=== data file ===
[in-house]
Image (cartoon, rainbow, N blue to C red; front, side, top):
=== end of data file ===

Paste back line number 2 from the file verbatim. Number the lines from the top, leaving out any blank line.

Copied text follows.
Image (cartoon, rainbow, N blue to C red; front, side, top):